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United Nations: Mechanism for Criminal Tribunals Arrests French Journalist

(Apr. 6, 2016) The United Nations Mechanism for International Criminal Tribunals (MICT) on March 24, 2016, arrested French journalist Florence Hartmann, based on a warrant issued in November 2011 by the Appeals Chamber of the International Criminal Tribunal for the Former Yugoslavia (ICTY).  (Press Release, MICT, Mechanism Arrests Contempt Convict (Mar. 24, 2016); Jacqueline Jones, International War Crimes Court Jails Journalist for Contempt, PAPER CHASE (Mar. 27, 2016).) According to its website, the MICT “was established by the United Nations Security Council on 22 December 2010 to carry out a number of essential functions of the International Criminal Tribunal for Rwanda (ICTR)” and the ICTY “after the completion of their respective mandates.” (About the MICT, MICT website (last visited Mar. 28, 2016).)

Handling of Hartmann Case

The ICTY Trial Chamber had found in 2009 that Hartmann “knowingly and willfully” obstructed justice by releasing information despite orders from the Appeals Chamber not to do so. The information concerned the trial of former Serbian President Slobodan Milosevic and was published both in a book by Hartmann in 2007 and an article she wrote that appeared the next year. Hartmann’s original penalty was a fine of €7,000 (in 2009, equivalent to about US$10,430). The sentence was affirmed by the Appeals Chamber on July 19, 2011, but when the fine was not paid, on November 16, 2011, the ICTY converted the penalty to imprisonment for seven days. (Mechanism Arrests Contempt Convict, supra.)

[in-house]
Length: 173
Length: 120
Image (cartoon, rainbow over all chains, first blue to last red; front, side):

Hartmann’s attorney, Guénaël Mettraux, said that the earliest possible release date for the journalist was March 29. (Jones, supra.) He complained that her treatment in the prison, located outside The Hague, includes solitary confinement and a suicide watch that requires that a light be on 24 hours a day. Mettraux argued that while appropriate for war crimes convicts, this treatment was “incomprehensible” for a journalist. (Marlise Simons, French Journalist Is Detained at U.N. War Crimes Tribunal, NEW YORK TIMES (Mar. 27, 2016).)

Tribunal Rules on Detention

The rules that govern detention by the ICTY and the MICT specify that each detainee is to have a separate cell, that the officials may order surveillance of a detainee, and that they can keep a detainee segregated from other detainees either to maintain security and good order in the facility or for the detainee’s own protection. (Rules Governing the Detention of Persons Awaiting Trial or Appeal Before the Tribunal or Otherwise Detained on the Authority of the Tribunal (May 5, 1994, as amended July 21, 2005), Rules 17, 39, & 43, ICTY website.)